*who exactly is the "creator" that you refer to? by name.
For the same reason that any churchgoing individual should be allowed to run for office.
*why should society allow anyone whom has been sworn under a secretive oath to run for president(and swear to another oath) or any high position of power. ?
What child sacrifices? What genocide? And by which members who you can prove to be Masons?
*in your mind does donating a million dollars a day, justify all the child sacrifices. and genocide caused by any member of a secretive club.?
None, but it's nicer to walk a path with a friend, or with someone who's travelled that way before you and can offer guidance than to try to do it on your own.
*what secrets of the universe have you have found that you could not found on your own.?
There is no hazing in Masonic ritual. You're confusing us with college frats.
*why would anyone wanna join a secretive club that humiliates you during the initiation and higher degrees to keep you in bondage and make you feel accepted?
And yet, you, who's not even a member, seem to know everything? Many of the Masonic ATS members here are "high level" depending on what your criteria for such is. But then again, you have no idea how to even begin to define high level...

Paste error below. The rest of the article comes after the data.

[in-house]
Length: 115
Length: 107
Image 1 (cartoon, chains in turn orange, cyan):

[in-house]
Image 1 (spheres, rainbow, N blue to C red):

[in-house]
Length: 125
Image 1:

sorry i am assuming you are in the higher degrees if not. no response needed.
most that are at the bottom are clueless to whats going on.
Originally posted by cointelprotroll
reply to post by network dude
Wow network dude! you really know how to wield a circular argument. Obviously, you are your own master. Why esle would all your arguments revolve around your own opinion. I checked your posts and threads, and there are many. I have news for you;there is a high degree of probability that you are completely wrong about a great many things. The truth is you just don't know- just like the rest of us.
I agree, though lately I've been reading Seth Godin's latest book and he argues that public schools were started as a way to create interchangeable laborers in the height of the industrial revolution.
Originally posted by g146541
This is one reason that some of us in the Masonic community believe the public schools are the foundation of our country's greatness.